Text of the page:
In some previous posts, I’ve written about the relationship between categorification and geometry. I’m banging on this because I think it’s an underappreciated point, especially because a lot of people right now are coming at categorification with a background in topology and higher algebra, and thus aren’t as familiar with the geometric and representation theoretic techniques that actually underlie a lot of, say, what I do.
In particular, a lot of people (myself among them) are very excited about the categorification of quantum groups at the moment and there are two different ways of approaching said categorification:
- You can write down a bunch of algebras and categories in terms of generators and relations. This is the approach used in the work of Chuang and Rouquier and of Khovanov and Lauda. It has a lot of advantages: there are lots of parameters one can tweak (which of course, leads to the issue of different authors tweaking them differently), it’s very generally applicable, and it doesn’t really require any machinery one doesn’t acquire in a graduate algebra class, aside from a little terminology.
- You can take a geometric approach and work with varieties of quiver representations. This work was pioneered by Lusztig, though it has seen some very interesting developments in recent years in the work of Zheng and Li. This approach requires some very deep technology, involving perverse sheaves, etc. and is less flexible (in particular, it’s still not properly understood how to extend it to the case of non-symmetric Cartan matrix). On the other hand, geometry gives us powerful tools to show that things that are supposed to be non-zero or positive really are. In particular, certain properties of canonical bases require some quite deep geometric theorems.
The point I want to make in this post is that these approaches are the same. Of course, “the same” is a very vague term in mathematics, but here, I think it’s justified. For example, consider the following theorems:
Theorem. (Lusztig) The Grothendieck group of the category of perverse sheaves on the moduli stack of representations of a Dynkin quiver is for the positive unipotent part of the corresponding Lie algebra.
Theorem. (Khovanov-Lauda/Rouquier) There exists a 2-category whose monoidal category of representations has Grothendieck group .
These theorems live in different worlds (unfortunately, the former only works for simply-laced groups; the latter works for all). But, actually, they are the same.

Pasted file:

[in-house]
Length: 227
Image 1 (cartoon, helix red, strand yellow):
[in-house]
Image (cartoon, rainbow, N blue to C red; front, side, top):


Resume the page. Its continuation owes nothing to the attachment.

Theorem. (Vasserot-Varagnolo/Rouquier) The derived category of the moduli stack of representations of a Dynkin quiver is equivalent to the category of dg-modules over (considered as a dg-category with trivial differential).
Furthermore, this might sound like a horrifying thing to prove, in fact it’s pretty easy. You just have to be careful about your language (I’m going to say everything in terms of stacks, but secretly I’m picking a basis for all my representations, and working equivariantly with respect to change of basis). The most important arguments go like this:
- One can realize all the perverse sheaves on the moduli space of quiver reps using pushforward from quiver flag varieties, moduli spaces of quiver representations with a fixed flag. By usual homological algebra, one can understand the whole derived (dg-)category of the moduli stack by computing the Ext-spaces between these pushforwards (in dg-land).
- Chriss and Ginzburg tell us that we can think of this as the Borel-Moore homology of the moduli space of representations equipped with pairs of the flags, using the usual convolution.
- Write down elements of the Borel-Moore homology which correspond to the generators of the 2-morphisms in the category . One of these is a dot on the ith strand from the left; that goes to multiplication by the Chern class of the tautological line bundle for the ith step of the flag. The other is a crossing; that goes to the fundamental class of the space of reps with a pair of flags, one corresponding to the top sequence, the other corresponding to the bottom sequence, and agreeing except at the index where the crossing happens.
- Check these satisfy the right relations: this is easiest to see from how they act on the cohomology of the spaces of moduli with flags (these are exactly the “polynomial representation” of ).
- Check that these generate: this is easily done by taking a filtration with respect to relative positions of flags, and seeing that these still generate afterwards.
So, strikingly, these stories that maybe at first glance looked like they were in different worlds are really the same. With more work one can also start to match up the 2-categories corresponding to the whole algebra from the work of Khovanov-Lauda and of Rouquier with geometric 2-categories as defined by Li, but that story is very far from fully worked out.
As usual, having two perspectives on the same story is a very powerful thing. I personally would never have been able to make heads or tails of the categorification story if I hadn’t had the geometry to guide me; there are a lot of arguments in my papers on the subject I just would not have seen without geometric insight. On the other hand, geometry is hard. I tried for the better part of a year to construct categorified quantum invariants using geometry (and I still believe it is possible), before switching to the algebraic approach because it is so much more flexible. It’s very advantageous thing in mathematics to have two stories in one’s head about the same thing, and I hope this blog post helps speed the intermingling of these two approaches.